Flushed, clean feeling: Dyson could be creating a water jet toothbrush

Anthony Thurston
Digital Trends
patent shows dyson may be developing toothbrush with powerful water jets woman brushing teeth electric toothpaste closeup
patent shows dyson may be developing toothbrush with powerful water jets woman brushing teeth electric toothpaste closeup

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Dyson, the company known for its powerful vacuums and fans, is bringing its technology to the world of oral hygiene. It has set its sights on creating a ‘super toothbrush’ that will feature powerful water jets set in between the bristles to really power away plaque and food particles.

Patents have already been filed by Dyson, according to the Evening Standard. The idea is that the brush could be used without the bristles almost as high-powered dental floss to blast debris out of the gaps between teeth.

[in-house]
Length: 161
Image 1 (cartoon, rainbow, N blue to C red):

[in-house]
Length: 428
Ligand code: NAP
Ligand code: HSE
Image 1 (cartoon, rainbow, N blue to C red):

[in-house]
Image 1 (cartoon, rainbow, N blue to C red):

The design features a nozzle for users to control the stream of water and a reservoir to hold it. Papers suggest that the reservoir could be filled with water from the tap or possibly even toothpaste. The patent says the reservoir should be enough for three long bursts or several shorts ones and that is it designed to be shot between teeth to dislodge anything stuck there.

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Parts of the patents suggest that the streams would be automated perhaps powered by light sensors or even cameras. These would detect when the brush was positioned near a gap in the teeth and automatically fire a stream to clean it.

The brush would feature six buttons to control manual or auto jets and a pivoting head that spins at 6,000 revolutions per minute allowing you to reach all those hard to brush places. It may also include a sensor to alert users when they are pushing on their teeth too hard, potentially causing harm to teeth and gums.

Dyson’s latest invention is the Supersonic hair dryer is selling for near $400. This could point to how much the high-end toothbrush may sell at once it is released. According to a Dyson’s spokesperson, the company has filed over 450 different patents in 2016 and doesn’t comment on any on-going technological developments.